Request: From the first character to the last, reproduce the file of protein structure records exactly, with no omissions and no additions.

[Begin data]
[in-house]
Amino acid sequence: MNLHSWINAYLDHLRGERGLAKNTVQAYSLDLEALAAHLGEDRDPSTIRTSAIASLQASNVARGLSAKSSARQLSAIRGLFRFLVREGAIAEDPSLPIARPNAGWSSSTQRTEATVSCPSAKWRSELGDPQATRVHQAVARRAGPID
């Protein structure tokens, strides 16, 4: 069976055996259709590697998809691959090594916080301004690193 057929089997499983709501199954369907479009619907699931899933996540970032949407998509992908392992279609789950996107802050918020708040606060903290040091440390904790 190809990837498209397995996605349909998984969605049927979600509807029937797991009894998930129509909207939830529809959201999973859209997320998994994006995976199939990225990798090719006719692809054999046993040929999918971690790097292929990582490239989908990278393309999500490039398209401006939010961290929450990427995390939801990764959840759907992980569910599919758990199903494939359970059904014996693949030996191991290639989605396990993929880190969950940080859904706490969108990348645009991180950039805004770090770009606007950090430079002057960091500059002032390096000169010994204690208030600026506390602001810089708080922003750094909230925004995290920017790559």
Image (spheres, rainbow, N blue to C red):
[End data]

[in-house]
Amino acid sequence: MNLHSWINAYLDHLRGERGLAKNTVQAYSLDLEALAAHLGEDRDPSTIRTSAIASLQASNVARGLSAKSSARQLSAIRGLFRFLVREGAIAEDPSLPIARPNAGWSSSTQRTEATVSCPSAKWRSELGDPQATRVHQAVARRAGPID
């Protein structure tokens, strides 16, 4: 069976055996259709590697998809691959090594916080301004690193 057929089997499983709501199954369907479009619907699931899933996540970032949407998509992908392992279609789950996107802050918020708040606060903290040091440390904790 190809990837498209397995996605349909998984969605049927979600509807029937797991009894998930129509909207939830529809959201999973859209997320998994994006995976199939990225990798090719006719692809054999046993040929999918971690790097292929990582490239989908990278393309999500490039398209401006939010961290929450990427995390939801990764959840759907992980569910599919758990199903494939359970059904014996693949030996191991290639989605396990993929880190969950940080859904706490969108990348645009991180950039805004770090770009606007950090430079002057960091500059002032390096000169010994204690208030600026506390602001810089708080922003750094909230925004995290920017790559």
Image (spheres, rainbow, N blue to C red):